You’ve decided that you want one of these cute, amazing pets but there are things to consider before buying your first chinchilla.
Chinchilla ownership is slightly different from other rodents, their care level is different, and a chinchilla requires a lot of work, more so than say a hamster.
Grooming a chinchilla is very different from most other pets, where you may bathe a cat or dog with a chinchilla they have a dust bath which involves rolling in fine dust a few times per week. This is something chinchillas do in the wild and the process is designed to remove parasites from their fur.
Chinchillas shouldn’t get wet as this can cause fungus to grow on their skin, if your chinchilla gets wet you should dry it off as soon as you can. Small amounts of water that are dried off quickly shouldn’t cause issues, however.
You will need a dust house for your chinchilla to bathe in and the dust will need changing weekly. If your chinchilla runs around your home immediately after a bath they may get dust on your floors and carpets. This is worth bearing in mind but you can keep this to a minimum with a bit of pre-planning.
Chinchillas don’t have any requirements to be combed but some owners will comb their pet every now and then and this will help dust get to the skin easier which in turn keeps your chinchilla cleaner.
Dental treatment is also a must for chinchillas due to their teeth continuing to grow throughout their lives.
Room temperature is very important for chinchillas, after all, they originate from South America where the climate is warm in general but they live in the cooler mountainous regions.
The ideal room temperature is 60F-70F (15.5c-21.5c) and since chinchillas don’t sweat like humans do it’s difficult to cool them down. Fans won’t work, you will need an air conditioning unit if you live in a very warm climate.
You will need to ensure their cage isn’t in direct sunlight or near a window as this will raise the temperature.
Chinchillas overheat quickly and this can soon become fatal so room temperature and humidity are very important and should be taken seriously before buying your first chinchilla.
3.) Health Issues
Chinchillas like most pets aren’t without their health problems, as a result, vets bills need to be factored into ownership.
Some of the most common problems are:
Dental Issues– I touched upon this earlier, chinchillas teeth continue to grow throughout their lives and this results in various dental related issues. Their teeth are open-rooted and can grow as much as 2-3 inches per year. In the wild, this isn’t too much of an issue because they eat rough course foods that keep their teeth worn down enough so the growth doesn’t become a problem. Tooth infections aren’t uncommon.
Fur Issues– Fur problems such as ringworm and fungus are quite common in chinchillas. Dry flaky skin and bald patches are signs or ringworm or fungal infections. Fur chewing is something that can happen with chinchillas, this is when your chinchilla chews their own fur or a cage mate chews their fur. The end result is the same- loss of hair.
Heatstroke– Chinchillas struggle to regulate their body temperature as they don’t sweat, this can cause them to get too warm quickly if the room temperature gets too warm. Above 75F (25c) and your chinchilla will begin to have issues. A chinchilla with heatstroke requires immediate veterinary care, as this can be life-threatening.
Chinchillas are quite active and usually at night time, although they’re not nocturnal as such they do a lot of their playing at night time. They can be quite noisy and do like to swing, bounce and climb around their cage. If you are a light sleeper or want silence at night then a chinchilla might not be the right pet for you.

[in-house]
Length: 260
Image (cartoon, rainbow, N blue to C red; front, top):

Chinchillas make a variety of different noises from a barking type sound to squeaks, again not ideal if you’re a light sleeper.
Chinchillas in the wild live in colonies so they do get along in pairs. Same-sex pairings can often produce fighting but this isn’t a given. Just like any other animal like a cat or dog some will get along in same-sex pairings and others won’t, chinchillas are no different.
5.) Other Pets
Do you have other pets in your household? If you do then think carefully before buying a chinchilla.
Some cats can get along well with chinchillas if they’re mild-mannered or if they’re introduced from a young age. If your cat is territorial or aggressive you will need to supervise them if you let your chinchilla run around the house. Cats will often hunt rodents as this is part of their genetics to hunt small prey.
The same should apply to dogs, you will need to supervise them.
You know your own pets better than anyone so it’s important to judge how they would take to a new furry friend in the house.
Time is also something worth considering, do you have the time for a new pet? Can you dedicate enough time to maintain and care for a chinchilla? Only you know the answers to these questions and you have to answer them honestly.
Don’t underestimate how much work a small animal can be, I would say, in general, a chinchilla is more work than your average domestic (short haired) cat.
Chinchillas make wonderful pets but they aren’t the most “hands-off” pet you can get. They have their unique requirements that will take up time and money.
If you have small children then this is something else to consider, will the chinchilla get the attention it needs or do you have the required time to take care of them.
I’ve often heard people say that chinchillas are ideal for someone who’s experienced with small pets specifically, rodents such as mice, rats, hamsters etc.
If you do decide to buy a chinchilla I’m sure you will have lots of enjoyment from these wonderful pets.